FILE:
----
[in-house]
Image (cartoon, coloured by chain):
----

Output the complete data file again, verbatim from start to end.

[in-house]
Image (cartoon, coloured by chain):